New Delhi: The Army has given the death sentence to a soldier for 'fragging' after he killed his superior.
Sepoy Satyam Kumar was sentenced to death by a summary General Court Martial for killing his superior Havildar Padmarajan in 2006.
Satyam Kumar is a sepoy in the Northern Command Signals unit who had pumped 20 bullets into Padmarajan after a minor argument.
The punishment has to be confirmed by the Union government on the recommendation of Army headquarters.
The Court Marshal passed the sentence after a 15-day trial in Udhampur. This is the second death sentence given to a soldier in less than three months.
Sepoy SC Behera was also given death on February 26 for killing his superior Lt Col S Saxena in 2006.
As many as 24 officers and soldiers were killed in 17 incidents of fragging last year.
The two sentences indicate the direction the Army Headquarters is taking in dealing with cases of ‘fragging’ — a term used for murder of a superior by a soldier. The Army officially uses the term "fratricide" to describe such incidents.
This is not the first case of ‘fragging’ in the Army. A steep rise in such cases had led experts to believe that the forces are suffering from a severe leadership failure.
Many also say that cases of ‘fragging’ are seen as a failure of command at the formation level of the Army.
A summary general court martial is conducted in a “field area” and must comprise at least three officers.
A general court martial requires five officers and is held in a peace station.
PM in aid of jawans
In the backdrop of the alarming spiral in stress-related deaths in the Army, Prime Minister Manmohan Singh on Saturday proposed a mechanism to address the grievances of soldiers and their families as well as ex-servicemen in an effective manner.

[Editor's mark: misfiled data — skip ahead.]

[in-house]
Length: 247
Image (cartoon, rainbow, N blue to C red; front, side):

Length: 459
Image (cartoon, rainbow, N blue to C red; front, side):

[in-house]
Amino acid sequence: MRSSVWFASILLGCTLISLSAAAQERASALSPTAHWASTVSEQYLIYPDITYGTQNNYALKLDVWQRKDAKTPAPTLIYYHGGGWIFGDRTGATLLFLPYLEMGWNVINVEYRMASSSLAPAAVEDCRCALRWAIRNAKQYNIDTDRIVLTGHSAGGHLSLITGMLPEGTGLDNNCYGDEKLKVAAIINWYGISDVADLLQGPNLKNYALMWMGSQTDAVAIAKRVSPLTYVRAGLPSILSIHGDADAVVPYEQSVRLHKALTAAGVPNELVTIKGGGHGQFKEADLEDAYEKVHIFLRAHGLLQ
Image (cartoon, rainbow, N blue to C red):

This is in tune with studies which show that soldiers posted in far-flung areas, apart from the stress of counter-insurgency operations and other hardships, also face tremendous mental strain for not being able to take care of the problems facing their families back home.
An unresponsive civil administration, relentless counter-terrorism operations, poor salaries, lack of proper accommodation and the like, all combine together to take a toll on the mental health of soldiers.
"As soldiers are posted far away from their home, it's difficult for them to attend to the needs of their families, and to deal with property-related matters and other personal issues," said the PM, addressing the 27th meeting of the Kendriya Sainik Board.
"To assist them, we need a mechanism by which, at the district level, the collector, and at the state level, a nominated senior officer, can every quarter review the status of grievance redressals," Singh added.Army jawan gets death for fragging